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Mild Memory Loss is Not a Part of Normal Aging

October 07, 2010 | 71,646 views
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memory lossGetting older, in and of itself, is not the cause of so-called “senior moments”. A new study found that even these mild memory lapses are caused by the same brain lesions associated with Alzheimer’s disease and other dementias.

Researchers found that in the last four to five years of life, people’s memory showed a very rapid decline. Pathologic lesions were found to be related to this rapid decline. The preceding years showed a much more gradual decline that was the actual result of normal aging.

According to Newswise:

“... [R]ecognizing that the earliest changes in memory are related to Alzheimer’s pathology can lead to early diagnosis and will be critical information if a treatment is developed that can alter the pathologic course of the disease.”

 

Dr. Mercola's Comments:

I’ve often said that memory loss is not at all a “normal part of aging,” and this latest research further supports this stance. You do not have to accept those “senior moments” as being inevitable or unavoidable.

In fact, if you notice memory lapses, you may want to seriously consider making some immediate lifestyle changes to help reverse, or at least minimize further damage, because as this research shows, all deterioration of cognitive function appears to be caused by the same type of brain lesions found in those with Alzheimer’s disease – the most severe form of dementia...

If your memory is currently sharp as a tack, you’re either doing everything right already, or you can ensure it’ll stay that way by implementing the healthy brain strategies I’ll discuss in this article.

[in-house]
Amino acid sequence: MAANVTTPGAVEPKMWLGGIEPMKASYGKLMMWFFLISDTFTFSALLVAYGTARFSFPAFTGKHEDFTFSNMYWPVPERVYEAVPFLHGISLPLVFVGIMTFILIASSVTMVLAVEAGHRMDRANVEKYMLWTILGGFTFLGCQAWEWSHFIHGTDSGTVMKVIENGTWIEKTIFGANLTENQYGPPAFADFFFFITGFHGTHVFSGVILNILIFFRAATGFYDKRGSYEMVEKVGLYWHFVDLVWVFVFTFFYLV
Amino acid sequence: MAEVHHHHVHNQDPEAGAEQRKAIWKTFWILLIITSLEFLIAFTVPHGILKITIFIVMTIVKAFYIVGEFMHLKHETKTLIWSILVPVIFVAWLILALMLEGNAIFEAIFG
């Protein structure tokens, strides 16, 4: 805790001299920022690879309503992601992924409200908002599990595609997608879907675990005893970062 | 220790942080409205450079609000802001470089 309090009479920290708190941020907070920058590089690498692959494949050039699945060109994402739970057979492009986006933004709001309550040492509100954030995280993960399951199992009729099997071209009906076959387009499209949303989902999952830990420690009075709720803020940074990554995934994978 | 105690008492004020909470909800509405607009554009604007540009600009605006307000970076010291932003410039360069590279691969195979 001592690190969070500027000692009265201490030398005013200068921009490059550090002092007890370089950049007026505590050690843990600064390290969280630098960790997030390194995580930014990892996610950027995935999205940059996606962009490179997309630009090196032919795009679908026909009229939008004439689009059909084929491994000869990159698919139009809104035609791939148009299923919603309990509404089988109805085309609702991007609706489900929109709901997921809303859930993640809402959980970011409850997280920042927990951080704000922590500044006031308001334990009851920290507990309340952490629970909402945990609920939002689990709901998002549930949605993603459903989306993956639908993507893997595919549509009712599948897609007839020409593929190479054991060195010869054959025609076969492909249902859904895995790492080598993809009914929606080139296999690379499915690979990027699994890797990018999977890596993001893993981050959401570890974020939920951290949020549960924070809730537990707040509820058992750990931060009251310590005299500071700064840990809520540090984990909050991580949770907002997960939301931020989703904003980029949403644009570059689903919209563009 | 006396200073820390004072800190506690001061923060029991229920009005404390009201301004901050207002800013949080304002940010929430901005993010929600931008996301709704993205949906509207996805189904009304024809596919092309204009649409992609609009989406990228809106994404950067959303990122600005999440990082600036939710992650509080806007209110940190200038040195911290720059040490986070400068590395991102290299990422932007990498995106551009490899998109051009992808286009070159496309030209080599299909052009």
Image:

Interestingly, you’ll find that many of the same lifestyle changes that will lower your risk of diabetes will also improve your chances of keeping your mind intact.

Surprising Finding – Even Mild Memory Loss is Caused by Pathological Changes

Brain lesions have been associated with dementia and Alzheimer’s for some time, but the researchers were surprised to discover that even very mild memory loss appears to be linked to the presence of the same type of damage seen in more serious cases of cognitive decline.

Newswise reports:

“The very early mild cognitive changes once thought to be normal aging are really the first signs of progressive dementia, in particular Alzheimer’s disease.” said Robert S.Wilson, PhD, neuropsychologist at Rush University Medical Center.

“The pathology in the brain related to Alzheimer’s and other dementias has a much greater impact on memory function in old age than we previously recognized.”

This may sound frightening to some, but remember, you CAN prevent cognitive decline, and I’ll discuss several of the most effective strategies below.

Those who experienced hardly any decline in their cognitive function up until their death, were also found (post-mortem) to be free of brain lesions, further emphasizing the importance of preventing the damage from occurring in the first place.

Newswise quotes Dr. Wilson as saying:

“Our study finds that Alzheimer’s disease and related dementias are the root cause of virtually all loss of cognition and memory in old age.

They aren’t the only contributing factors; other factors affect how vulnerable we are to the pathology and to its effects. But the pathology does appear to be the main force that is driving cognitive decline in old age.”